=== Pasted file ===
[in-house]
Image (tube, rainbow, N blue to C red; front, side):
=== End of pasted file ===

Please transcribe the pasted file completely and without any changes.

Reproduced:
[in-house]
Image (tube, rainbow, N blue to C red; front, side):